And Duraace might like to thank me for suggesting what the problem might be, describing a way to test for it without need of a ND filter and suggesting a simple fix. After all some other people including NashvilleMike originally said they could not see the problem, or could not performs tests due to not having a 10 stop ND filter. (Then again, I'm not one of the forum 'experts'.) And he might like to thank NashvilleMike for carrying out the suggested test, confirming that it is due to light leakage from the sides, and confirming that the suggested fix does work.

There's no need for masking tape which could get gunk on the lens and into the mechanism. A simple sleeve (card with black felt on the inside) should work and could be stored on the lens.

I have to agree with those who say that this is a design flaw, and Nikon should be alerted. As to whether or not this is a "not fit for purpose" flaw, that I do not know. Not many people carry out such exposures. I would say it is not a reason to claim a refund from Nikon. Just my opinion, and others may disagree.

A politician in the making .........in other words "Your right, I apologize".
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Slough

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Nikon 24mm-70mm lens abberation at long exposure
« Reply #70 on: October 22, 2009, 01:57:05 PM »

Quote from: Downtown
A politician in the making .........in other words "Your right, I apologize".

Sorry? Until my post people were rambling around all over the shop, saying they could not reproduce the problem.

You're right, I apologise for sitting at home, and spending 5 minutes thinking about the problem, and coming up with ideas that helped resolve it. And I apologise for resenting the fact that Nashville Mike did as I suggested without mentioning my post and others refer to his solution. In future I won't bother to be helpful, and instead when somone posts a vague question, badly expressed, missing important details, not describing what they were doing, and sounding like a troll, I'll ignore it, and not waste my time.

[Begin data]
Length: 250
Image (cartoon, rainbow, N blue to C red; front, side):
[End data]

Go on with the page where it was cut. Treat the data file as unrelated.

And maybe you should come down from your pedestal.
« Last Edit: October 22, 2009, 02:08:03 PM by Slough »
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Downtown

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Nikon 24mm-70mm lens abberation at long exposure
« Reply #71 on: October 22, 2009, 02:52:26 PM »

Quote from: Slough
Sorry? Until my post people were rambling around all over the shop, saying they could not reproduce the problem.

You're right, I apologise for sitting at home, and spending 5 minutes thinking about the problem, and coming up with ideas that helped resolve it. And I apologise for resenting the fact that Nashville Mike did as I suggested without mentioning my post and others refer to his solution. In future I won't bother to be helpful, and instead when somone posts a vague question, badly expressed, missing important details, not describing what they were doing, and sounding like a troll, I'll ignore it, and not waste my time.

And maybe you should come down from your pedestal.


After reviewing the thread you in fact did have the initial problem diagnosed and should be given full credit for your contibutation to rectify the problem. If I offended you I apoligize! I'm just happy that I can now go back and use this lense to it's full potential.
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Slough

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Nikon 24mm-70mm lens abberation at long exposure
« Reply #72 on: October 22, 2009, 04:05:13 PM »

Quote from: Downtown
After reviewing the thread you in fact did have the initial problem diagnosed and should be given full credit for your contibutation to rectify the problem. If I offended you I apoligize! I'm just happy that I can now go back and use this lense to it's full potential.

Okay, fair enough. Sorry if my tone to Durace was a bit harsh, although I think scepticism was not unreasonable. And no you did not offend me.
« Last Edit: October 22, 2009, 04:05:42 PM by Slough »
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rethmeier

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Nikon 24mm-70mm lens abberation at long exposure
« Reply #73 on: October 22, 2009, 05:51:59 PM »

Can we now put this to bed?

I've already put black electrical tape over the plastic part that is the culprit.

That is IF was going to do extreme long exposures.

My long exposures are usually in dimly lit areas and a 30 seconds max.

I doubt if that would create the problem.


Thanks for the testers to re create and find the problem.

N.B Maybe RobC can now try another 24-70?
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Willem Rethmeier